Improved plows and other implements are now in general use, and a spirit of noble emulation exists to raise the best agricultural and horticultural productions. The society is greatly encouraged by the increasing interest manifested generally, the members have come forward with great promptness to pay their dues, and during the past year about one hundred and eighty new names have been added to the list of permanent members.

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The tenth Annual exhibition of the society was held at the village of Jamaica, on the 2d day of October. The day was a beautiful one for a jubilee, and joyous and well did the farmers of Queens, and their wives, their sons, and daughters, avail themselves of it, and come forth in all their freshness, delicacy, and noble manliness. The gathering was one of the largest ever congregated in the county towns of Long Island, and every man of influence, well enough to be there, was present, also numerous delegations from other societies, some from a good distance, every place in which horses could be put, or wagons stowed, was full, and the only thing lacking was room, and on no former occasion was the county of Queens so well represented by the queens of the county. It is worthy of special remark, that notwithstanding the large number of people congregated on the fair ground, and about the village, the utmost good order and quietness was to be observed, no fighting, no drunkenness, in fact nothing that could mar the general enjoyment of the occasion.

The premium list was published early in the season, and consisted of eight silver cups, twenty-six silver medals, seven silver butter knives, one hundred and thirty-nine dollars in money in cash, one hundred and fifty diplomas, eighty volumes of Transactions, one hundred and twenty volumes of books, on various subjects, by Stephens, Youatt, Martin, Skinner, Morrell, Canfield, Johnston, Norton, Dana, Gardiner, Allen, Browne, Bement, Buist, Paxton, Parsons, Downing, Barry, Thomas, Loudon, Neill, Lindley, Breck, Bridgman, Kendrick, Miner, Townly, Beecher, and Soyer.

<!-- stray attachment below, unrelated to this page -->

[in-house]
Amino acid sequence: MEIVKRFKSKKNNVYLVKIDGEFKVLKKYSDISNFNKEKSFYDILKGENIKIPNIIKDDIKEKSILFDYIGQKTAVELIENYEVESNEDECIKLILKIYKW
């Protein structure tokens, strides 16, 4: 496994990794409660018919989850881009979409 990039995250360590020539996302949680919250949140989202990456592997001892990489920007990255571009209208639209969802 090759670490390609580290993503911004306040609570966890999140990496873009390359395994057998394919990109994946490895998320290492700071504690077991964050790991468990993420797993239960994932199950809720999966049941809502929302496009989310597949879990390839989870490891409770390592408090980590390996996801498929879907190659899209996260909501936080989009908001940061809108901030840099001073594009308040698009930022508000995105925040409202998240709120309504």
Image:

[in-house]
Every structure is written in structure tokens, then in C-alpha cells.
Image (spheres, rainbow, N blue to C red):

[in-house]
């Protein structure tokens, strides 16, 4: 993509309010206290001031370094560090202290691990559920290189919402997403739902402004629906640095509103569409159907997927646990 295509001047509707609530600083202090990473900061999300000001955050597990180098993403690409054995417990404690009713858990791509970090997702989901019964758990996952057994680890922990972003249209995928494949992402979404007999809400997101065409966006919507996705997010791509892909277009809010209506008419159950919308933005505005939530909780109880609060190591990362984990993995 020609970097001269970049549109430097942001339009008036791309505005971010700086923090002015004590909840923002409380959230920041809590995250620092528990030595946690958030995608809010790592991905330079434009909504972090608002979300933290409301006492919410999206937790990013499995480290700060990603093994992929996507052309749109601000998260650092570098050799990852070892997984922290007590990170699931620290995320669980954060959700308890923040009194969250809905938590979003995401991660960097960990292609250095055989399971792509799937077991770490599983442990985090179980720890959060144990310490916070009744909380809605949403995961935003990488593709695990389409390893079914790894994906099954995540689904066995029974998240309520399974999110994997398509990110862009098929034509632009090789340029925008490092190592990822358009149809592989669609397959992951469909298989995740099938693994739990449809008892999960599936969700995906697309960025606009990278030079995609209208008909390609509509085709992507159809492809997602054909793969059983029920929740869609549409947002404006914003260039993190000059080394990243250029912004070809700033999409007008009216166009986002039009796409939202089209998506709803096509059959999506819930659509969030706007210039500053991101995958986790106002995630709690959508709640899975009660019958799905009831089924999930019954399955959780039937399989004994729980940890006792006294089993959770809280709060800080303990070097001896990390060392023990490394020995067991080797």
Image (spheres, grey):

The exhibition ground was in the center of the village, on the land of the Hon. John A. King, to whom the society is greatly indebted for its prosperity, and was both spacious and pleasant, being surrounded by lofty and ancient trees, and most admirably

adapted for an agricultural display. Van Wagner's mammoth pavilion, nearly one hundred feet in diameter, was erected in the center, on one side were two smaller tents, one for the accommodation of the ladies, and the President's tent for receptions, two on the other side, for the Secretary and ticket seller. A ring was constructed, 360 feet in circumference, for the trial and and examination of the horses, with a stand in the center for the judges; the various grades of stock were arranged around the ground under efficient committees. The main tent was crowded during the day to its utmost capacity, and every person appeared to be well pleased.

Thorough bred and grade stock Dairy Cows.—The show of stock was more remarkable for quality than quantity. Some very fine animals were exhibited. Four silver cups, eight silver medals, $36 in cash, besides books and diplomas, were awarded.